NOTE: Next week, the Commerce Department will render its advance estimate of second-quarter gross domestic product. I am using a 4% overall growth figure (annual rate) for the estimates appearing below, and my number is in line with the consensus. Were the number that is actually released to differ materially from 4%, it could throw off the following data a bit, but these are meant only as "big-picture" numbers anyway.
* I'm projecting that real GDP will grow 3.3% in the second half, measured on a Q4/Q2 basis. This second-half projection would result in fourth-quarter real GDP of about $10985.5 billion. In turn, this would see 2004 GDP come in at 3.6%, fourth quarter of 2004 over fourth quarter of 2003.
* In developing the above forecast, I have assumed that growth in personal consumption expenditures -- PCEs equaled 70.6% of total real GDP in the first quarter -- grew at a 3.5% annual rate in the second quarter, down a bit from the first quarter's 3.8% rate. I've backed the growth rate off to 3.3% during the third quarter, and to 3.2% during the fourth. This would result in fourth-quarter personal consumption at an annual rate of $7746.3 billion, 3.3% growth on a Q4/Q2 basis, and 3.5%, measured Q4/Q4.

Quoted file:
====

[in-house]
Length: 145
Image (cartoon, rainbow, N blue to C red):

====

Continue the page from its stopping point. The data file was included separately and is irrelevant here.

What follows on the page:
* As I assess the situation, there are no other gross domestic product components, jointly or severally, capable of pulling overall GDP growth up to the 5% or higher rates many analysts continue to project. (See Table 3 in the appendix.)
Interest Rates and Related
* I continue to look for more increases from the Federal Reserve this year in the target rate on federal funds. My end-of-2003 forecast was for hikes of at least 50 basis points this year, 25 basis points of which occurred at the Fed's June policy meeting. The Federal Open Market Committee has two scheduled meetings before November's election -- on 8/10 and 9/21 -- and I believe it is a virtual certainty the FOMC will hike the fed funds rate a quarter point at least one of these meetings.